OD4A3658The waterway is a mixture of canal and natural River Kennet and so is quite variable in character. Much of it is natural countryside, as shown left, but it passes through several small towns at which it takes on a more familiar narrow canal theme.

The waterway becomes the River Kennet at Woolhampton and ends up, unmistakably, as a broad river at Reading, where commercialism borders it in a big way. In between are some lovely stretches with characterful features in the towns.

The Lock at Woolhampton is very unusual in construction being a turf sided lock. Originally all the locks from Newbury to Reading were of this type. Only two of these are still in operation the other, Garston Lock, being on the Reading side of Theale. The sides of the lock are sloping so, when full, the lock is quite wide and hence takes a lot of water to operate. At Woolhampton the the canal merges into the fast flowing River Kennet for navigation to Reading and the River Thames.

About 200 years ago AldermastonWharf was a bustling trade centre from where goods were transported all over the world – coal, grain, beer, gravel and wood products were the cargo of horse-drawn barges carrying up to 100 tons. Today there is little evidence of the past and this now peaceful rural place has several attractive features (see photos). It has a fully automatic lift bridge which senses road traffic and your boat and lifts the bridge when conditions are right.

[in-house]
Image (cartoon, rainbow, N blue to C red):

Sheffield Lock at Theale is again in a rural setting and has surrounding parkland in which to picnic. The walls of the lock are scalloped rather than flat and straight as can be seen in the photo. Here the road crossing is served by a swing bridge operated by the boater.

Reading centre is approached via County Lock, bypassing a weir. The canal then meanders through The Oracle. This is a modern built up area on both banks of the canal stretching for about 400 yards. The buildings largely house restaurants the tables of which spill out onto the canal side which also features family entertainments such as a Dinosaur putting green. This is not the place to moor your boat as such things are not catered for!

Below are photos taken along the route. And, below that a Google Map showing the places mentionedabove.

To view photos:
1. View a larger version of a single image in a separate page – Right Click on the image then Left Click on “Open link in new tab” or “Open link in new window”.
2. Display an enlarged gallery – Left Click on an image – use the large side arrows to move between images – Left Click outside an image or press ESC to close the enlarged gallery.